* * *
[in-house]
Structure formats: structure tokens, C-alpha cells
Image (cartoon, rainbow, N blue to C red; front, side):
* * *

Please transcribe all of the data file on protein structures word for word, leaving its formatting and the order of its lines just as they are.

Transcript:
[in-house]
Structure formats: structure tokens, C-alpha cells
Image (cartoon, rainbow, N blue to C red; front, side):